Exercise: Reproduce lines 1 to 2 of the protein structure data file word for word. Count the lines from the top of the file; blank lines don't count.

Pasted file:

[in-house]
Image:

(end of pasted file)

[in-house]
Image: